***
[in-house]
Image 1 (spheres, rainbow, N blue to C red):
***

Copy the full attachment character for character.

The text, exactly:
[in-house]
Image 1 (spheres, rainbow, N blue to C red):